Title GP locum, author and journalist
I’ve been writing for over 25 years, beginning with magazines like World Medicine and Punch Digest for Doctors that encouraged doctors to take a sideways glance at working life. For about 15 years now I’ve been with The Sun newspaper, where I get to air my views on topics ranging from assisted dying to the dangers of drinking petrol.
I found it almost impossible to be a GP principal and a lone parent to three teenaged sons, let alone fit in media work. So these days I locum.
So far there are some 10 non-fiction books to my name, including an award-winning textbook of general practice co-authored with colleagues from Imperial College Medical School where I teach.
I’ve now done an about-turn with my novel One Night at the Jacaranda. It’s about 30-somethings looking for someone special, so you can expect plenty on love, sex, and relationships. But the book also covers darker themes and has a vital medical strand.
Why I chose this work
I’ve always written – you could say the work chose me. As a child I churned out stories about witches burning to death from smoking in bed. As an undergraduate it was music reviews, a great way of going to gigs for free.
When I was a trainee in Borehamwood, Hertfordshire, in the late 1980s my trainer sometimes said I’d write a book on general practice. But I don’t think she meant a raunchy novel with a pair of red shoes on the cover.
My first book in 1995 was about stress at work, and perhaps that’s the real reason I write books: it’s a great way to relieve the toll of a career in general practice.
I love observing people and studying what makes them tick, which is what novels and general practice have in common.
I value the independence of writing, the liberating feeling that I can write anytime or anywhere (if my family lets me), and yet it interlinks perfectly with medicine. I have to keep up to date to write for The Sun or to go on TV. The same goes for fiction, if you have anything factual in it. There’s no room for errors when your message goes out to thousands or even millions of people (my novel isn’t a bestseller yet but the Amazon reviews are encouraging).
Writing is a great stress-buster. Getting stuff down on paper helps me reflect, and it definitely enables me to see the lighter side of life. I can’t think of a better way of preventing burn-out, at least not when the weather’s bad.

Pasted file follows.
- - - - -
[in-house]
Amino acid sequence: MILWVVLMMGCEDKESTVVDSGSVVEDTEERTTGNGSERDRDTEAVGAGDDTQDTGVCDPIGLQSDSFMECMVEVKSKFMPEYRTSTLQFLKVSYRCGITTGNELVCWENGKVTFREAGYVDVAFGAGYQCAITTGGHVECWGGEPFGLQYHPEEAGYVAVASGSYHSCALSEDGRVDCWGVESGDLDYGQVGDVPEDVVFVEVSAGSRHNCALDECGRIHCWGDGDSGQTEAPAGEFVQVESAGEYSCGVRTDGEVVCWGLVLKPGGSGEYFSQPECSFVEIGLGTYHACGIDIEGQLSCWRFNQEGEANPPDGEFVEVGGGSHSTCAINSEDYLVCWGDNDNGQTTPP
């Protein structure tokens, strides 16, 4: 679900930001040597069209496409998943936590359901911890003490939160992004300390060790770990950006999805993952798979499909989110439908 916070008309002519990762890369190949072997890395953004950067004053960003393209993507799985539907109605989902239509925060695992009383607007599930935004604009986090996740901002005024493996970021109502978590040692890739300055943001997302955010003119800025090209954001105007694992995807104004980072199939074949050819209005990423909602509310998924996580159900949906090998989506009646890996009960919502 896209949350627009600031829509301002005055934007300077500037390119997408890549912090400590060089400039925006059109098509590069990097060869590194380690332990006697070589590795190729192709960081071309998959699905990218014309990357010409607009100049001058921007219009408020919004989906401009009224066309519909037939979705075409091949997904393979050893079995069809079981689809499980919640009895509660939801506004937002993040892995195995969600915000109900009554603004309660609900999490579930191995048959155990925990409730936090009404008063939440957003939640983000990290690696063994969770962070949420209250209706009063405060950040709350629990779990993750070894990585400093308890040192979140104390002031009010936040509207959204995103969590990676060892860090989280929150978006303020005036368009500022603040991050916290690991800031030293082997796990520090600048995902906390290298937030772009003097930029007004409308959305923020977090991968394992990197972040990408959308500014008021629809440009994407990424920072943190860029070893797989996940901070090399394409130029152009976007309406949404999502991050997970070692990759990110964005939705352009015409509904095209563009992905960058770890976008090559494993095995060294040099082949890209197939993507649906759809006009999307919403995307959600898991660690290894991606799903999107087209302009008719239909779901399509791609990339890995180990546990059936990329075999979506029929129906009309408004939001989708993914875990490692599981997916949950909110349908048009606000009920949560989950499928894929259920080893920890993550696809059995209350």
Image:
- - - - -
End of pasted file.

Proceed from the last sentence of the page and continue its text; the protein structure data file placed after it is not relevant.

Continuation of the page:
For me, the biggest plus is that it’s an outlet for my creativity and self-expression. When I’m writing chick-lit, I can set my imagination free. You can’t say that about referral letters.
Whatever you write, you’re still a doctor. That means being medically accurate, respecting confidentiality, and observing boundaries. The characters in One Night at the Jacaranda are complicated and realistic. They include a disillusioned GP, a freelance journalist, and a young man dying of cancer. It’s obvious where those ideas came from, yet the characters are completely fictional. You can’t put patients or colleagues in a novel.
People sometimes object to what I’ve written – occasionally I’ve offended or got it wrong, but often people are just envious. I’ve learned to take the flak. They seem to believe you can’t be a serious doctor as well as an author but I still see patients and get appraised every year, and writing a textbook has also boosted my credibility.
Sometimes I have to be patient. Lots of young doctors ask me for advice on writing, which I’m happy to give, but they then admit they have no idea what they want to write. It usually turns out they’re after the kudos or the megabucks. They’re often surprised to hear that a GP usually earns far more than a writer.
If you genuinely want to write, you also know what you want to write: exactly the kind of thing you’d like to read yourself. That’s why another novel is in the works.
I’d encourage anyone with a creative desire to consider writing fiction. It can take a long time to get published, and even longer to earn money from it. But in the process you learn the most valuable literacy skill of all, using plain words to convey complex ideas.